<cfset t.put("days", #days#)>
    <cfset t.put("hours", #hours#)>
    <cfset t.put("minutes", #minutes#)>
    <cfset t.put("seconds", #seconds#)>
<!--- Set the inited property to the inited property of the object 
      passed to this method --->
    <cfset t.put("inited", arguments.inited)>
<!--- Finally, return the object --->
    <cfreturn t /> 

You can name this file DebugFunctions.cfc and put it into the webroot\com\oreilly\frdg directory. The Flash movie created earlier in Example 4-6 will work with this service with no change. Notice this line:

<cfset t.setType("TimeDifferenceClass")>

This line sets up the class type so that when it is returned to the Flash movie it will be deserialized into our custom TimeDifference class.

The same service can be written using CFScript, as shown in Example 4-9. The CFScript version uses a CreateObject( ) function rather than a <cfobject> tag.

Example 4-9. The DebugFunctions.cfc file using CFScript instead of CFML
  <cffunction name="computeTimeDifference" access="remote">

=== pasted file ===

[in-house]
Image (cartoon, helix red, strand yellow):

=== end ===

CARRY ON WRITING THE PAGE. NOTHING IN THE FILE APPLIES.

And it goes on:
myObject = CreateObject("java", "flashgateway.io.ASObject");
    t = myObject.init( );
    d = now( );
    e = createodbcdatetime(arguments.date);
    difference = DateDiff("s", d, e);
    if (difference LT 0) {difference = difference * -1;}
    days = int(difference/60/60/24);
    difference = difference - days*60*60*24;
    hours = int(difference/60/60);
    difference = difference - hours*60*60;
    minutes = int(difference/60);
    seconds = difference - minutes*60;
    t.put("days", #days#);
    t.put("hours", #hours#);
    t.put("minutes", #minutes#);
    t.put("seconds", #seconds#);
    t.put("inited", arguments.inited);
    return t;
</cfcomponent> Java

You saw in the ColdFusion version of the remote service that we were creating an instance of a Java class that allowed the serialization of the data into a copy of our ActionScript object. The Java class is also used in the Java version of the code, shown in Example 4-10.

Example 4-10. Java version of the service named DebugFunctions.java
// Java Document
package com.oreilly.frdg;
import flashgateway.io.*;
import flashgateway.util.*;
import java.util.*;
import java.lang.*;
import java.io.Serializable;

public class DebugFunctions {
  public DebugFunctions( ) {
  public ASObject computeTimeDifference (ASObject t) {
    Date d = new Date( );
    Date e = (Date)t.get("date");
    double difference = (double)e.getTime( ) - (double)d.getTime( );
    difference = Math.abs(difference);
    int days = (int)(Math.floor(difference/1000/60/60/24));
    difference -= days*1000*60*60*24;
    int hours = (int)(Math.floor(difference/1000/60/60));
    difference -= hours*1000*60*60;
    int minutes = (int)Math.floor(difference/1000/60);
    difference -= minutes*1000*60;
    int seconds = (int)Math.floor(difference/1000);
    difference -= seconds*1000;
    int milliseconds = (int)difference;